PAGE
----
Monday, May 9, 2011

The Lady Vanishes (1938)

I am on an Alfred Hitchcock kick right now, which I love. He may stand as one of the more mainstream, "classic" film figures, but I think it's in good reason. His films always prove suspenseful, clever, and full of chic costumes. Though perhaps less widely-seen, The Lady Vanishes adheres to these qualities with as much grace as popular works. 

When Iris Henderson (Margaret Lockwood) boards a train, she befriends an older woman named Miss Froy. Miss Froy (Dame May Whitty, who plays the "cute old lady" card flawlessly) soon disappears, and everyone Iris asks claims she never came on the train. Iris suspects more sinister moves, and enlists fellow passenger Gilbert (Michael Redgrave) to prove Miss Froy's existence.

Unfortunately, I cannot write more, as I would spoil the rest, but I enjoyed this. Usually I predict outcomes early, but the surprises remained refreshing. The train setting enhanced the suspense here, as the claustrophobic environment trapped each claim and character. Also, while Lockwood and Redgrave maintained chemistry, rarely does a film include an ensemble cast that works together to create such a believable set of characters. The ending contains more outrageous events, but I still felt they could happen to me, or anyone, at any time.

Finally, Lockwood's one costume was fabulous. I cannot find the costume credit anywhere (maybe Edith Head?), but I loved watching her stumble around the train her little black dress and pumps. It made me want to try harder when I travel.



Shybiker said...

I'm thrilled when you put a spotlight on good films from that past that are often overlooked. This is one of them.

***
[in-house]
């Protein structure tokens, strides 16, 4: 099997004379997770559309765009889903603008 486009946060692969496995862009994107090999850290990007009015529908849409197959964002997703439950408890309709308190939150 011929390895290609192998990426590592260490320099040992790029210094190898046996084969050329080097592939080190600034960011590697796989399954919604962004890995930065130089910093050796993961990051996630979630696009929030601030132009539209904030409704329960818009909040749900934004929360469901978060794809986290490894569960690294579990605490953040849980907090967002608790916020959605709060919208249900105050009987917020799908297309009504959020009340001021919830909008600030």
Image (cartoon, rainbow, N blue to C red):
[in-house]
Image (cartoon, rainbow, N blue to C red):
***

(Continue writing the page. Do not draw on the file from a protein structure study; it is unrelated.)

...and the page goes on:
Hitchcock was, as you say, a very talented filmmaker which is an assessment that can be made separate from his public persona. I love many of his films, usually the lesser-known ones.

Your blog does a public service!

Artman2112 said...

yes hitchcock is def "mainstream" classic but that's because 1. he made incredible films and 2. he was a master of not only suspense but of combining deeply personal self expression with commercial sensibility. he was a master craftsman and a brilliant artist. he was also a brilliant self promoter! Hitch is my all time fave director and i cant even calculate how many hours of my life i've spent absrobed in his films. i was about 18 when my Hitchcock obsession kicked off with my first ever viewing of Rear Window. after that i couldnt devour his work fast enough! Lady Vanishes is one of the best of his "Gaumont-British" body of work, perhaps matched only by The 39 Steps. btw Hitch LOVED trains and used them many many times thoughout his career (Shadow of a doubt, strangers on a train, north by northwest and more) a quick check on Edith head at IMDB and there's no credit for this film as well as no credit for any films i can see outside of the USA and Lady Vanishes was made in England.

i cant remember the actors names, but those two guys obsessed with cricket almost stole the film didnt they? they were so droll and hilarious! if i recall correctly they went on to appear in other films as those same 2 characters. nice post, glad you enjoyed that film :D

Kori Donahue said...

I can't wait to see this one! Have a great Monday honey! Kori xoxo

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